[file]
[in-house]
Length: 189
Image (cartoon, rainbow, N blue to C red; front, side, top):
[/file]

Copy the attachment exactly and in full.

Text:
[in-house]
Length: 189
Image (cartoon, rainbow, N blue to C red; front, side, top):